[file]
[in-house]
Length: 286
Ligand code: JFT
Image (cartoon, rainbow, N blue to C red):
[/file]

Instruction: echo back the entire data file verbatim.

[in-house]
Length: 286
Ligand code: JFT
Image (cartoon, rainbow, N blue to C red):